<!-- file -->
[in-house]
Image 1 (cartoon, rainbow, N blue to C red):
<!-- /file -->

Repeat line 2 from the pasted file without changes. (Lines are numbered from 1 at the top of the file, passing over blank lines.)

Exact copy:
Image 1 (cartoon, rainbow, N blue to C red):